Eclipses of the Sun occur as a natural consequence of the periodic and harmonic motions of the planets around the Sun. These motions result periodically in situations where the Moon, Mercury or Venus will lay directly along the line of sight to our Sun, the Sun being eclipsed by the respective planetary body. Although Mercury and Venus are far greater in size than our Moon, their angular extent in the sky are far reduced due to their correspondingly greater distance from the Earth. The eclipses due to these planetary bodies being of interest only to the most ardent of solar observers. The angular size of the Sun and the Moon are comparable however, at around half a degree. Thus during the periods when the Moon is in front of the Sun the strong emission from the photosphere is completely blocked out. When this occurs it is called this a total eclipse. Conversely when the the Moon only blocks part of the Sun, it is a partial eclipse. During a total eclipse, the outer atmosphere of the Sun, its `Corona` becomes visible to the naked eye. 

The sun observed during a total solar eclipse by Professor E. Hiei. This excellent observation of the suns corona during totality reveals the components and configuration of the suns corona close to solar minimum. Note the bright blobs distributed around the moons limb, these represent valleys through which the sun's bright chromospheric emission is seen (Bailys Beads).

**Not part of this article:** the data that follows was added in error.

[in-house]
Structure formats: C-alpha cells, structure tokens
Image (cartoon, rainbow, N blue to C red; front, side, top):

The discovery of the corona and its very nature was enabled by the many eclipse observations, the most important of which were the European total solar eclipses as they has the highest concentration of observers. The last solar eclipse where totality was observed from the UK occured in 1999. This gave observers the opportunity to observe the totality for just over two minutes in the south-western edge of Cornwall.


The next total solar eclipse will occur on 26 March 2006 and can be seen along a narrow corridor which runs through Europe, Africa and south Asia. Visit Mr. Eclipse for more infromation on dates of up coming solar eclipses. The animation shows the path of the umbral and penumbral shadow cast on the Earth by the moon during a total solar eclipse in 2001. Although, we now have dedicated spacecraft to study the problems presented by the Sun's Corona it is still useful to perform experiements on the corona using the longer wavelength (UV) bright emission lines which represent forbidden (very hot) atomic transistions. These emissions are unattenuated by our atmosphere but are usually hard to distinguish above the usually dominant photospheric light. One such experiment was conducted by scientists of the CLRC.

Fred Espaneks Homepage

Fred Espaneks Eclipse Homepage

A free Eclipse leaflet is available from the RAS by phoning 01717344582

UK's 1999 Eclipse Home Page